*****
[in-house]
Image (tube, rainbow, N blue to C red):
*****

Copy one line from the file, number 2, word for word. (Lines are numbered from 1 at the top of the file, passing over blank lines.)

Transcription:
Image (tube, rainbow, N blue to C red):